Another week means another round of Weekly Weeklies. In Batman Eternal #11 we follow up on what’s been happening with Batgirl and get some rather unusual artwork to boot. Meanwhile in Futures End #7, Frankenstein gets to be a total badass. Let’s check it out together:
WARNING: Spoilers Below!
Batman Eternal #11
Lead Writer: Tim Seeley
Corresponding Writers: Scott Snyder, James Tynion IV, John Layman, and Ray Fawkes
Artist: Ian Bertram
Batgirl has chased down and caught up with Gonzolo Dominquez down in Brazil. He was seen at the site of the Gothan train derailment and Batgirl thinks he has something to do with it. However, someone else wants Dominquez as well: Scorpiana, a member of the Club of Villains (which apparently Alfalfa from the Little Rascals named and who the League of Assassins, Joker, and Batman Inc. had supposedly shut down in Morrison’s run). She’s not planning on taking him alive. Also, Scorpiana really needs to change her name as she’s more like a centipede than a scorpion.
During an argument with Alfred, Julia reveals that Alfred used to be married and that the two haven’t seen each other in a long time due to Julia being frustrated that her father went to work with Bruce Wayne.
Stephanie Brown researches her father, Cluemaster, and finds information about what led to his descent to villainy. He was fed up that the stupid higher class kept getting rich while his family remained poor. So he became a villain and left clues behind at his crimes to prove he was smarter than anyone else (the Riddler should sue for stealing his style). Batman eventually caught up with him, but let him go when he discovered a young Stephanie watching him beat up her dad.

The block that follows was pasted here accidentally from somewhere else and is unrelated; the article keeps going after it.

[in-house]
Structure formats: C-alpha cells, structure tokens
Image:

Batgirl talks with Dominquez and discovers it was not him on the subway platform after all. Apparently, someone associated with the club wanted to look like him and a doctor named Mangaritvite did some sort of weird science thing involving metal bugs to make the guy look like Dominquez.
Scorpiana attacks Batgirl and Dominquez, but they manage to escape from her with a little help from Red Hood (who looks like he is wearing a low quality Deadpool mask) and a very malnourished looking Starfire. Scorpiana herself is defeated by El Gaucho, the Batman of Argentina.
At a Gotham graveyard, Selina Kyle discovers a note from her father left behind at her mother’s grave, who seems to want to reconnect with her. She burns the letter and assures herself that she doesn’t need a father.
This issue left me with mixed feelings. On one hand, the writing here is fantastic as usual. Tim Seeley nails all of the characters perfectly, understanding exactly who they are and how they should act/talk. The story is a lot of fun, with lots of more twists and surprises throughout to keep things interesting, and great character moments and dialogue. The pacing is tight and story flows well from scene to scene without a missing a beat. It’s fantastic in that sense.